The old axiom “we are what we eat” is true not only for things like green beans and Micky D’s. We are what we eat is true off the plate, as well. The relationships we cultivate can strengthen or weaken us. The ways we spend our time can enliven or deplete us. The thoughts we entertain can foster wellness or take us down difficult roads. The habits we hone can contribute to our overall happiness or send us sailing over a cliff.

By our choices, we are daily nourished—or not. By what we take into ourselves, we find joyful satiation or nagging dissatisfaction. Like the crowd in our lesson, we can chase after what does not last or, as Jesus suggests, we can tap into something enduring, something eternal.

“I am the bread of life,” Jesus says of himself in John this morning. I’m with Jesus scholar Marcus Borg who suggests that whenever Jesus makes “I am” statements what he is doing is different than what we do when we make claims about ourselves.

Jesus’ doesn’t mean “I’m all that and a bag of chips” when Jesus says I am the bread of life or I am the way, the truth, and the life, I am the true vine, I am the light of the world.

What Jesus is really saying when he says “I am” is more like “How I am.” “How I am is the bread of life. How I am is the light of the world. How I am is the way, truth, and life.”

Jesus isn’t looking for admirers. He’s looking for apprentices, people eager to learn the ways of coming alive, of being fully human. In other words, Jesus is hoping we will develop appetites for learning how to engage in what blesses and uplifts—ourselves and others. How to be peaceful. How to be in a rewarding, growing, right relationship with God who sustains and steadies us, even in the midst of troubles and trials. Especially then.

Years ago I had an experience that convinced me that Jesus isn’t terribly concerned about what labels I ascribe to him. What he cares about is helping me learn to live the way he lived, to care about what he cared about, and to go where he would go—and to whom—if he were here in the flesh himself.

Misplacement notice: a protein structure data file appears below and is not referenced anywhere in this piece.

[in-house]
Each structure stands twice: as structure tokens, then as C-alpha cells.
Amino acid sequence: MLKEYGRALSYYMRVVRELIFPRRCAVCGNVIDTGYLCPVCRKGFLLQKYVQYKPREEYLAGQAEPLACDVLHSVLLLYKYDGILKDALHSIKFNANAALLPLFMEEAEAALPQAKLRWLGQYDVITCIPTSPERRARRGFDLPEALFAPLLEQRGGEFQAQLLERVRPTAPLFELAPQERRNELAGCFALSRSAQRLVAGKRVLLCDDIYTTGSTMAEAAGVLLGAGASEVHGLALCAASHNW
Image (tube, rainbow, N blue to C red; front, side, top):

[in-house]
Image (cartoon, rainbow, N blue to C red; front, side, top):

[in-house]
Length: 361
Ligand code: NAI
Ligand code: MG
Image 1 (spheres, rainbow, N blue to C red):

What Jesus cares about is companioning me and encouraging me as I make my way through life learning how to live as he lived and how to love as he loved. Said another way, what Jesus is hoping is that I’ll adopt his diet—not his daily meal plan but his spiritual and relational diet. His way of being in the world. A way that he already knows is deeply satisfying and its own rich reward.

This, I think, is what it means to believe in Jesus. The word believe comes from the old English “by life.” I believe in Jesus to the extent that I live my life in the ways he did. Ways he insisted connect a person to the eternal, to the satisfactions of the heart and soul.

Like most folks, I forget I have choices for how I’m going to live, what I’m going to “eat” in the course of a day.

When I forget I have choices and I act out of impulse and habit rather than intentionality, I regularly resemble the old television commercial where someone inhales a candy bar and then realizes she could just as easily have had a can of V-8.

Don’t get me wrong now. This isn’t about virtue. This isn’t about being some kind of ideal Christian. It’s about being aware enough, and sometimes disciplined enough, to make wise choices. To make the choices I know will leave me feeling whole and satisfied rather than the way Morgan felt after too many McGriddles.

Just before they moved in June, my neighbors borrowed something of minor consequence and promptly forgot to return it. A week went by. Then two weeks. Then three and four and then five.